U.S. District Judge Carlton Reeves, citing scripture and Mississippi’s past segregationist history, stated that House Bill 1523, signed in April by Gov. Phil Bryant’s April incident was yet another example of Mississippi trying discrimination into its laws. “Religious freedom was a building block of this great nation. After the nation was destroyed, the guarantee that equal protection under the law was used to reassemble it. Reeves stated that HB 1523 did not respect Mississippi’s tradition of religious freedom and does not recognize the equal dignity of all Mississippi citizens. Opponents of the law saw Reeves’s decision as victory over a bill they believed used religion to insert discrimination in state law. “Our state legislature does not have the right to pass a law that protects one group of religious beliefs more than another. In a statement after Judge Reeves’s decision, Carol Burnett, a United Methodist minister from Biloxi, stated that there is no separation between church and state. House Bill 1523 supporters are disappointed that a federal court has struck a blow to a law they believe is vital to the First Amendment right of freedom of religion. The House Bill 1523’s Speaker Philip Gunn stated that he was disappointed by Judge Reeves’s decision. “We felt that this bill was good and focused on protecting religious beliefs while also protecting rights of the LGBT community.” Gov. Phil Bryant, and Lt. Governor. Tate Reeves and Lt. Gov. were two of the most prominent supporters of the bill. They said that the state should stick to its law, and appeal the decision to the 5th U.S. Circuit Court of Appeals. Reeves stated in a statement that the state’s lawyers should appeal this absurd ruling, which undermines Mississippians’ right to practice their religion as protected by the First Amendment. Bryant issued a statement as well: “Like the fact that I signed House Bill 15,23, this law only provides religious accommodations allowed by many states and federal laws. Judge Reeves failed to recognize this reality. I look forward to an aggressive appellation.” Attorney General Jim Hood (the only Democrat in the state office) said he would appeal Reeves’s decision earlier this week that circuit clerks can’t recuse themselves from issuing marriage licences to gays. Hood pointed out that the clerks weren’t parties to the lawsuit. Hood stated that he isn’t sure if he will appeal Thursday night’s decision. Hood stated that he had major reservations about the merits and origins of this lawsuit. “I cannot pick my clients but I can speak on behalf of myself as a named plaintiff in this lawsuit.” Hood stated that the fact that HB1523 protected religious freedoms was a lie. “Our state leaders tried to trick pastors into believing that, if this bill was not passed they would have to preside at gay wedding ceremonies. In no court case has it been ruled that a pastor cannot refuse to marry any couple. I don’t like politicians continuing to prey upon people who pray, attend church, obey the law, and help their fellow men.” House Bill 1523 focuses on three “sincerely held” religious beliefs that are worthy of protection. They are: that marriage is between one man, one woman, that no one should have sex with anyone outside of such marriages, and that gender is determined at birth. Anyone who opposes gay marriage or transgender people because of these beliefs is protected from lawsuit. This was the second ruling by Reeves against HB1523 this week. Reeves also ruled Monday that the section that allowed clerks not to issue marriage licenses to identical-sex couples would be invalidated. The ruling did not address other aspects of the law that was due to take effect on July 1. Private business owners such as caterers and other state officials such as counselors for public schools were still permitted to refuse to provide marriage-related services to transgender Mississippians. The House Bill 1523 was ruled invalid by Thursday’s ruling. Barber v. Bryant III and Campaign for Southern Equality III were the two lawsuits that it addressed. They argued that the law violated both the Establishment Clause and the Equal Protection Clauses of the Fourteenth Amendment. These laws prohibit the government from favoring one religion or one group of citizens over the other. “(House Bill 1523) stated that these three religious beliefs are the preeminent in Mississippi. If you share any of them, then you basically get a free pass for doing whatever you like, regardless of how discriminatory or offensive it might be to your gay or lesbian neighbors,” Roberta Kaplan, the lead attorney for the Campaign for Southern Equality lawsuits, said. Kaplan stated that the bill contains these elements and is clearly a violation of the fundamental principle of our country, which Judge Reeves also believes. It cannot choose one religion over the other, it can’t be a part of religious debates, it must remain neutral. This is exactly what this statute does. It’s a classic establishment clause violation.” Judge Reeves will rule on the matter. The law’s short but controversial life will be marked by his ruling. Despite the bill passing the Mississippi House and Senate in March with very little public scrutiny, #HB1523 was trending on Twitter by the time it reached the governor’s desk to be signed on April 5. This was because national media portrayed the bill “steeped” in bigotry towards LGBT people. Over the next few months, more House Bill 1523 opponents began to speak out. The Human Rights Campaign, an advocacy group for gay, lesbians, bisexual, and transgender rights in Mississippi, created a list of companies that were critical of the law while others took action. Fear of protests and anger over the passage of the law led to the cancellation in New York of the Mississippi Picnic. This 37-year-old tradition was held in New York’s Central Park. Fearing that negative publicity might affect tourism, cities like Biloxi and Natchez began to adopt their own resolutions affirming a commitment to diversity. The HRC joined with other allies such the American Civil Liberties Union, Southern Poverty Law Center and the American Civil Liberties Union to stage a protest at the Governor’s Mansion. More than 300 people chanted “no hate” in the state and urged Gov. Bryant should repeal the law. These requests were not answered. Although the governor did not often speak about the legislation, he stood behind it when he did. Last month, the conservative Family Research Council gave Gov. Bryant was awarded the Samuel Adams Award by the Family Research Council for his signing House Bill 1523. In his acceptance speech, the governor stated that Bryant would stand in line if it required crucifixion. Others who supported the “religious freedom law” said they were caught off guard by the national attention and fury. “If you look closely, a lot people that are against the bill came out against them after it passed,” Senator J.P. Wilemon (D-Belmont) stated in April. Wilemon voted in favor of a bill that he felt “fit” his beliefs. “We didn’t hear anything about it until it passed. It’s much easier to say you are against something after it’s passed. But, as the national spotlight focused on the issue, opponents were busy preparing for another battle — in federal court. The ACLU filed the first lawsuit against the law on May 9. They argued that the “religious exclusion” discriminated against gay and lesbian Mississippians by treating them with a different standard. Judge Reeves denied the plaintiffs’ request for a preliminary order last week on the grounds that they were not seeking to marry within the next three year. The Campaign for Southern Equality then filed a motion to reopen a 2014 case that had overturned Mississippi’s ban on gay marriage. Judge Reeves asked to apply the ruling from that case to this one. This was the first time a challenge to the law had been heard. Judge Reeves also ordered that all 82 county clerks issue marriage licenses for same-sex couples. The two lawsuits that Judge Reeves ruled in Barber v. Bryant III and Campaign for Southern Equality III were the mainstay of the fight against House Bill 15.23. These lawsuits, filed within days of each others just three weeks back, were the first to invoke the First and Fourteenth Amendments in order to challenge what legal scholars call a “blatantly non-constitutional” law. Matt Steffey, a Mississippi College of Law professor and expert in constitutional law, stated that “The Establishment Clause & Equal Protection — it is an obvious violation.” It’s really a mishmash constitution problems. “I don’t believe it will see daylight.” While it didn’t, both opponents and supporters agreed that a law that never went into effect would leave an indelible mark on Mississippi. It’s very intriguing. “It’s been an extremely divisive bill,” Rob McDuff, cocounsel on Barber at the Mississippi Center for Justice. “I believe it has encouraged greater discrimination against gay Mississippians than was already there.” “On one hand, there was an outpouring of resistance to this bill from straight people, gay people and lesbian people throughout the state, and that was unexpected to me. It’s also encouraging for our future prospects.” To support this work, make a regular donation to our Spring Member Drive today. This will allow us to continue important work such as this story. Our reporters give a human face to policy’s impact on everyday Mississippians by listening more closely and understanding their communities. To ensure that our work is aligned with the priorities and needs of Mississippians, we are listening to you. Click the button below to let us know what you think. Republish this Story You can freely republish our articles online or in print under a Creative Commons licence. This work is licensed under a Creative Commons Attribution-NoDerivatives 4.0 International License. Mississippi Today, Larrison Campbell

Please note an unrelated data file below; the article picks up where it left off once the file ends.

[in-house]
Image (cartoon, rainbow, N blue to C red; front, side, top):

June 30, 2016, Larrison Campbell, a Greenville native, reports on politics with a focus on public health. She holds a bachelor’s degree from Wesleyan University, and a master’s degree from Columbia University’s Graduate School of Journalism. 1523 makes religious beliefs law. My belief has always been that religion should be governed by government. The Constitution is the place where you have all the freedoms that you have, God willing. But, then, you don’t seem inclined to support it. That’s what 1523 does: It makes three SPECIFIC religious beliefs greater than others. While the First Amendment protects ALL religious beliefs equally it doesn’t allow for anti-LGBT religious convictions of *some* people to completely wipe out LGBT peoples civil rights as 1523 does. Although you may be joking, the government should not dictate or manage religious beliefs. This would blatantly violate the First Amendment rights to those whose doctrines and beliefs are different. That’s the problem again with 1523. It denies one group their rights in the name “protecting” the other’s. Chris was being facetious, so I believed him. Poe’s law is still in force. Poe’s Law section 18 subsection B line 41: “Not applicable to Mississippi.” This is why you are about to wipe out LGBT peoples’ civil rights. The constitution protects us against such ideas and fanatics. Why is the author constantly mispelling the word “principles?” Why is it not accurate to call the FRC a Southern Poverty Law Center certified hate group and not the generic “conservative”? Your,,RELIGIOUS Freedom is in your home, it is in YOUR CHURCH ,,,,,, and it ENDS at everyone’s curb,,,